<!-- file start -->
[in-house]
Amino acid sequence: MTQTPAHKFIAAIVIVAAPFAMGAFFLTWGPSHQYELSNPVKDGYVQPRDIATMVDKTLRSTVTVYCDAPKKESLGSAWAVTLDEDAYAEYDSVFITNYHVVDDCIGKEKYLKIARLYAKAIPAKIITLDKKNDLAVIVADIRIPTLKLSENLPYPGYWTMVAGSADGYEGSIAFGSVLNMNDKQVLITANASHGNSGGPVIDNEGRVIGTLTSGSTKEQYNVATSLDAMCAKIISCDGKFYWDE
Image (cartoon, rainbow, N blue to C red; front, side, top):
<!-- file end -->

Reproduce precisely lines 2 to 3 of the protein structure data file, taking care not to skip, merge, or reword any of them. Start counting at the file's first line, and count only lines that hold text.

Amino acid sequence: MTQTPAHKFIAAIVIVAAPFAMGAFFLTWGPSHQYELSNPVKDGYVQPRDIATMVDKTLRSTVTVYCDAPKKESLGSAWAVTLDEDAYAEYDSVFITNYHVVDDCIGKEKYLKIARLYAKAIPAKIITLDKKNDLAVIVADIRIPTLKLSENLPYPGYWTMVAGSADGYEGSIAFGSVLNMNDKQVLITANASHGNSGGPVIDNEGRVIGTLTSGSTKEQYNVATSLDAMCAKIISCDGKFYWDE
Image (cartoon, rainbow, N blue to C red; front, side, top):